COMMENTARY | Following a remarkable run with the Chicago White Sox, a stalwart in the middle of the lineup who amassed more than 400 home runs and collected more than 4,000 total bases is not re-signed after his contract expires.
That is what happened to Frank Thomas following the 2005 campaign. And if White Sox general manager Rick Hahn is thinking broadly, history will repeat itself this offseason when the team does not bring Paul Konerko back for a 16th season.
It will not be a comfortable thing to do. Unlike Thomas -- who wasn't universally admired by the fans, journalists, and front office -- Konerko has won the city over with the way he plays the game and the manner in which carries himself.
Because of that, there are some who are advocates for his return, and you can count MLB.com's Phil Rogers among them.
Rogers wrote that he hopes "the sides can work out a compromise that allows Konerko to come back and serve as a mentor to the 26-year-old (Jose) Abreu." Wait. What? Are we to believe that a spot on the 25-man roster is best used on a player who will be utilized in a largely reserve capacity? It is a shortsighted way of looking at the situation.
The White Sox have two other Cubans on the roster -- Alexei Ramirez and Dayan Viciedo -- who could serve as the emissary for Abreu's transition into the big leagues. While Ramirez could be traded this offseason, the newly acquired slugger would probably find more directed guidance from someone like Viciedo. Don't forget, the two have already played against each other, speak the same language, and have the shared experience of defecting from Cuba.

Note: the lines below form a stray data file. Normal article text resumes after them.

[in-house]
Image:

And while Konerko may not be the best mentor for Abreu, there is another thing to consider. Hahn has stated he wants to field a team of "athletic players who ideally can beat you with their bat as well as their legs," per the Chicago Sun Times' Daryl Van Schouwen. Konerko simply does not fit into speed portion of the equation (4.77 seconds from home to first), and, while the breadth of his career statistics are fantastic, he is no longer a regular force in the middle of the lineup.
The fact is that the only thing Konerko could do if he were brought back is share at-bats with Adam Dunn in some perverse version of a designated-hitter platoon. And that's just it. There is no long-term value or statistical justification to bring the first baseman back. Hitting .313 with a .212 IsoP in 113 plate appearances against left-handed pitchers like he did this past season is simply not enough to warrant one more season.
Signing him would satisfy a misplaced sense of duty on the organization's behalf to treat an icon with reverence. But where is the return on a move like that? Save the $8-10 million it will probably take to bring Konerko back into the fold and reinvest that money elsewhere. Even if those dollars are not used on free agents this offseason, there are better ways to allocate those funds, such as earmarking them for the international signing period next season.
Do not misconstrue what I am saying here.
Konerko's impact on the franchise was immense. He was one of the best players on a team that won the World Series, the face of the franchise for almost a decade, and an example of what a ballplayer should be. He was also an ambassador for the White Sox who remained loyal to an organization that took care of him and an owner he admires.
When the time comes, Konerko will have a statue on the outfield concourse at U.S. Cellular Field, just as the second-most prolific hitter in franchise history should. He was that good.
And if he wants to return, which the Daily Herald's Scott Gregor wrote "appears likely," the Sox may grant him his wish and re-sign him to a one-year deal. The time has come for the team to move in a different direction, though.
Re-signing Konerko is one move the White Sox should avoid this offseason.
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